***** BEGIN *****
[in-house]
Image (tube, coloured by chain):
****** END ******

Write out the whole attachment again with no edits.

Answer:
[in-house]
Image (tube, coloured by chain):